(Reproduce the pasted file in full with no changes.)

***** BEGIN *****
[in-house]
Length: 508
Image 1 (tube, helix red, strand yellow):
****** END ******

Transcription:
[in-house]
Length: 508
Image 1 (tube, helix red, strand yellow):